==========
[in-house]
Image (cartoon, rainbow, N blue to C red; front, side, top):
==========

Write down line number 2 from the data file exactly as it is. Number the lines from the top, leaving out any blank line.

Image (cartoon, rainbow, N blue to C red; front, side, top):